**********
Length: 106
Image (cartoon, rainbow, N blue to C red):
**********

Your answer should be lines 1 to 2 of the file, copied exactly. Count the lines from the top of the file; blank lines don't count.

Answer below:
Length: 106
Image (cartoon, rainbow, N blue to C red):